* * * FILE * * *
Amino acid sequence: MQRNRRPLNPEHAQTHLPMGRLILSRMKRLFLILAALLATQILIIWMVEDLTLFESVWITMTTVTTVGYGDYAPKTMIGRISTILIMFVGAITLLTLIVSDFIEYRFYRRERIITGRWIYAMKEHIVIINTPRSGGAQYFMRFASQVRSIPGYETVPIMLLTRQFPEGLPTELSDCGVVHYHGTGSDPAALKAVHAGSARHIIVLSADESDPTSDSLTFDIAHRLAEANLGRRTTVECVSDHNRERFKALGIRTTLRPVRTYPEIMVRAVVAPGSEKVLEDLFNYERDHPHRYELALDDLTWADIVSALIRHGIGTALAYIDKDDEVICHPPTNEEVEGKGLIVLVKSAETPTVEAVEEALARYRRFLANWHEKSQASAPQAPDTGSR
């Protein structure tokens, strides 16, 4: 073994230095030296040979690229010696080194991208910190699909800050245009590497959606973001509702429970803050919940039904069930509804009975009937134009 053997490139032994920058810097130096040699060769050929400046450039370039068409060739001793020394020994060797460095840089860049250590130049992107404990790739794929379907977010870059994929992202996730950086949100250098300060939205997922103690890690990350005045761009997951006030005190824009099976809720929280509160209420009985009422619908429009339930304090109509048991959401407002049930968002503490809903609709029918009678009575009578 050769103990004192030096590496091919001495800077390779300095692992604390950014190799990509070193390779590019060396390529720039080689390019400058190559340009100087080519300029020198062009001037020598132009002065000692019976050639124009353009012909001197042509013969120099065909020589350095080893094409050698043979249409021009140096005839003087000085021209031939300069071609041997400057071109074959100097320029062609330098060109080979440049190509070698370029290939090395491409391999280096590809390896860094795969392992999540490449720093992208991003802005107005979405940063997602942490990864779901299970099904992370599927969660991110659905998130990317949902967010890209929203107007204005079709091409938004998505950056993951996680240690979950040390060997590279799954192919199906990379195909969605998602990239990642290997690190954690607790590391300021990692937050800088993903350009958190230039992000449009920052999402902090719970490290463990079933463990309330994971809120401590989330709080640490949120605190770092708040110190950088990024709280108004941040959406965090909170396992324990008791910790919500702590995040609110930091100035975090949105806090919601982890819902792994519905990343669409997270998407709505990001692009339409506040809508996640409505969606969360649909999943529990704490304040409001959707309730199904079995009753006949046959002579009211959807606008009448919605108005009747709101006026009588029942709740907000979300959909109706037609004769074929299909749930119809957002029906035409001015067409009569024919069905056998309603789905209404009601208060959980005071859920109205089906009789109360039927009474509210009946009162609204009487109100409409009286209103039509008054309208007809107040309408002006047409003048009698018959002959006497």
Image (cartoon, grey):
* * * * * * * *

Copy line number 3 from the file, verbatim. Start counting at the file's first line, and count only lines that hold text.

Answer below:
Image (cartoon, grey):